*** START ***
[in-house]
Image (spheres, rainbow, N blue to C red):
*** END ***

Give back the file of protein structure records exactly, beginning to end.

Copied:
[in-house]
Image (spheres, rainbow, N blue to C red):